Symbolic language, problem-solving, consciousness and cooperative organisation all depend on the ability to ‘model’ a state of the world that is not the present experienced one.

The ability to create and manipulate mental models is critical to life skills such as planning, working out the consequences of an action, making things and so on.

Balanced human behaviour requires the ability to sense and understand the immediate environment (where am I and what am I doing), imagine a future or desirable state (theory, modelling, design, problem-solving) and then execute the movements (including speech) needed to realise the dream. The wonder is that not only do we do this all the time, we do it effortlessly almost without noticing – even those with various forms of mental or physical handicap. There is evidence that these abilities, known academically as theory of mind, begin to emerge in children as young as three or five and are absent or impaired in autistics.


Certain species of animal form structured cooperating ‘social’ structures. The traditional examples are hives of bees, nest of ants and herds of cattle. To my mind the critical difference of these groups from human societies is that the animal groups are all pre-programmed. The structure and operation of the group are genetically encoded and do not vary over centuries. Human societies are very different. Only the capacity for linguistic communication, organisation and cooperation are genetically encoded. Each human group (now and in the past) is slightly different: the languages vary, the structures vary, the rites and rituals vary, and so on.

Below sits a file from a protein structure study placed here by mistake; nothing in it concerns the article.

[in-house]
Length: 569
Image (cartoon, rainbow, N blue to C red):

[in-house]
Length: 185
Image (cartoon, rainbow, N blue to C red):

People naturally and spontaneously form social groupss for everything from self defence and survival to email news groups. The evolution and development of social groups such as bands, tribes, states and so is a topic of anthropological and scholarly dispute. Three key ideas seem to me to be that:
• Groups are about territory, which it is reasonable to assume is all about survival and control of food and similar resources, together with the defence of these territories. Apparently there is no scientific discipline that is able to validate this common assumption.
• Communication between the members of the group most often through linguistic, verbal and sign languages.
• Dominance and control of the group by some form of authority (religious, political, violent or diplomatic) which leads to leadership and structure within the group. In primitive survival, groups’ decision-making is a matter of life and death. Authority and obedience to it are vital and deeply ingrained.